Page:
Why Read The Classics?, by Italo Calvino
As is often the case with writers, Italo Calvino was both the writer of classic works as well as a reader and a literary critic of them as well. These three roles of reader, writer, and book reviewer, are pretty commonly united within people of an artistic but also critical bent. Perhaps unsurprisingly, this book seems aimed at an audience that loves not only the writings of Calvino himself, but also the Italian perspective on the classics that this book represents. The author addresses other cultures and the writings of other cultures and shows himself to have been a deeply and widely read person, which makes a great deal of sense. After all, one of the not very often openly admitted reasons that one reads classic literature is so that one may right better, and one of the consequences of reading a lot of classical literature and possessing some degree of literary talent is writing classics for oneself, and one of the results of being a literary person who reads a lot of classic works is the phenomenon of intertextuality, where one’s writings serve as a conversation with previous writings that future authors may take up, a subject of great interest to the author, and to many readers as well.
This book of about 250 pages or so consists of thirty-six essays of literary criticism that Calvino wrote (in Italian, originally) that have been translated for English-language readers. The book as a whole is a meta experience in that the author originally wrote in Italian about books that he had often read in translation (sometimes from English), and the reader of this book is reading about these reflections on books translated back into the English. Some of the books the author talks about are undisputed classics, as when he writes of Homer, Xenophon, Ovid, Galileo, Cyrano de Bergerac, Hugo, Stendhal, Hemmingway, and so on. Other works the author deals with are certainly literary fiction but not necessarily classics recognized the whole world over, which includes many of the Italian, and more recent, authors that the writer discusses. The author’s thoughts are generally deeply connected to his own writings, and in talking about how writers play with the reliability of the narration and the structure of their novels and with the importance of relationships and political commitments and morality, the author is revealing more about himself than he often is of the texts he is talking about, because what interests him about the classics are often those areas that he deals with in his own fiction.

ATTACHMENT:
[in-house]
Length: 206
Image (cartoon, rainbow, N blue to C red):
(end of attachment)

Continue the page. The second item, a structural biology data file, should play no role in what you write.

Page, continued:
This is the way of writers, though. As book reviewers and/or literary critics, what we notice in a book or what we choose to address relates to our own perspectives and our own approach. For example, Calvino’s definition of classics includes poetry and prose and drama, speculative fiction and scientific writing, mostly Western classics but also Persian writings from a polygamous standpoint. There are definitely some weaknesses in the author’s writings, as he shows himself interested in questions of class and politics but without an interest in religion or the morality that comes from revealed texts. For him, his interest in writers who dealt thoughtfully with religion is limited to the cleric as a profession and not to the moral elevation that comes from internalizing standards of moral behavior. Likewise, the author’s interest in science is often connected with an interest in magic and fantasy, and with the search for power and insight through science, rather than having a viewpoint which is rationalistic. Be that as it may, Calvino is an interesting writer even where one disagrees with him or where one’s own interests in the classics somewhat diverge.